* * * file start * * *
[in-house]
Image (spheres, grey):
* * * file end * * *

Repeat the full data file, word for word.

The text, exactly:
[in-house]
Image (spheres, grey):